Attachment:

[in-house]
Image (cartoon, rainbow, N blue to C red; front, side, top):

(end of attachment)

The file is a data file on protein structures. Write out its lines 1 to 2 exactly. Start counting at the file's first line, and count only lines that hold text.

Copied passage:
[in-house]
Image (cartoon, rainbow, N blue to C red; front, side, top):